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The Ghosts of Edinburgh Castle

21st Oct 2021
The Ghosts of Edinburgh Castle

By Stefanie Turpe, Mercat Storyteller

Visit Edinburgh Castle and you might see more than battlements, cannons, and chapels. Like every medieval fortress worth its salt, the ancient stronghold allegedly boasts a whole array of restless spirits that could make an appearance on your next visit.

The Grey Lady

Arguably the most tragic is a mysterious lady, dressed like a 16th-century noblewoman, who has been spotted around the older parts of the castle, sometimes just wandering about, other times weeping. Well, she would be, considering that she is associated with two equally unfortunate historical figures.

Some say that she might be Janet Douglas, Lady Glamis, a woman accused of witchcraft by a vengeful King James V who took his grudge against her brother out on her. Even then everyone knew the accusations were baseless. But Janet Douglas was burned at the stake outside the castle on 17 July 1537, in front of her son. If that isn't enough to turn someone into a restless spirit, I'm not sure what would be.

Others speculate that the lady could be Marie de Guise, the Catholic mother and regent of Mary Queen of Scots. Marie de Guise found herself on the losing side of the Scottish Reformation. When she died in June 1560 her corpse was kept at the castle for months, wrapped in cloth and kept in a lead coffin to keep the smell at bay - before Protestant nobles finally allowed her remains to be shipped home to France.

 

 

The Castle's Unluckiest Prisoner

There have also been reports of a ghostly man who smells distinctly of manure and tries to push visitors over the castle’s battlements. The story goes that he was one of the many poor souls imprisoned in the castle's dark, damp, rat-infested dungeons. Desperate to escape, he crawled into a wheelbarrow full of muck, hoping to be taken out of the castle and emptied onto a nice soft dung heap. But the wheelbarrow was tipped over the battlements instead, and the poor man broke his neck on the jagged slopes of Castle Rock.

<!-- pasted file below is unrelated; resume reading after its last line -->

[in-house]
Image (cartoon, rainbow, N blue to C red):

The Piper and the Drummer

Two of the castle’s best-known ghostly apparitions are soldiers. Legend has it that many years ago the entrance to an underground tunnel – perhaps an escape route in case of siege - was discovered in the depths of the fortress. A regimental bagpiper was persuaded to explore the tunnel, playing his pipes as he descended so his comrades above ground could follow his progress. But at the Tron Kirk – halfway down the Royal Mile – his underground piping stopped. Soldiers went down to look for the piper. But he was never seen again. The tunnel was sealed. And today people still claim to hear the faint sound of bagpipes underneath the cobbles of the Old Town.

Another military ghost seen on the castle’s battlements is that of a headless drummer. This grisly figure was first seen drumming a warning signal in 1650, just before the castle was attacked by Oliver Cromwell. Ever since then, the headless drummer has been considered a harbinger of danger.

Last but not least... the Ghostly Good Boy

Did you know that Edinburgh Castle has its own pet cemetery? Dogs that were regimental mascots or belonged to distinguished soldiers are buried there. According to some visitors, the ghost of a scruffy black dog has been seen wandering about. As far as I'm concerned, out of all the ghostly apparitions this is the one I would most like to meet. You can visit Edinburgh Castle on our Secrets of the Royal Mile tour - ghost sightings not guaranteed!

Join us on our ghost tours this Halloween to learn more about Edinburgh's ghosts.

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